A “prezi” lesson on nuclear fission and fusion. Includes a historical look at the evolvement of nuclear fission and fusion understanding, nuclear bombs, and the present uses of fission for energy production. Click the right arrow to advance.
These notes begin with a review of the strong nuclear force and nuclear binding energy and then move to a discussion of radioactive decay including alpha, beta, and gamma decay.
Welcome to the Particle Adventure
The Particle Adventure is an award-winning site that allows you to explore the world of fundamental particles and forces and then to investigate the experimental evidence and techniques. Interesting trivia questions are scattered throughout the site. Click the Go- and right-pointing buttons to advance.
In this “HowStuffWorks” series of articles, learn the many ways that medicine is using nuclear fission products in diagnostic and therapeutic procedures.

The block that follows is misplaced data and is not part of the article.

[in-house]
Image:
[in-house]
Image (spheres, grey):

In this "HowStuffWorks" series of articles, learn how nuclear power generation occurs, and how it can sometimes “break down,” as occurred with the tsunami of March 2011 crippling a nuclear reactor in Japan.
of Radioactive Decay
This Java applet depicts radioactive decay of a sample. A collection of atoms is shown decaying while a counter keeps count of the total numbers. Also displayed is a graph of exponential decay. (A point is added to the decay graph each time the user clicks pause/resume.)
Another applet depicting the decay of a sample. It automatically graphs the remaining atoms as a function of time but doesn't show scaling (e.g., the number of half-lives) on the horizontal axis.
Chain Reaction Applet
This Java applet depicts a nuclear chain reaction. You begin the reaction by releasing a neutron.
An interesting color-coded, interactive graph that investigates the distribution of elements by numbers of neutrons and protons. The half-life of each element is given.
Natural Radioactive Series
This applet depicts in simulated time the radioactive decay of four different elements into their daughter products. Enter the time step (e.g., 500 years or 500,000,000 years) and click "Animate" to obtain an appreciation for the extremely long decay rates of daughter products of some common radioactive elements.
Introduction to Special Relativity
How Veronica and Archie tell time in space...
These multimedia give a brief overview of relativity - they present the main ideas.